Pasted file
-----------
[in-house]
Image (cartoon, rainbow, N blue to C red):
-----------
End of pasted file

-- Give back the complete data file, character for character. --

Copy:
[in-house]
Image (cartoon, rainbow, N blue to C red):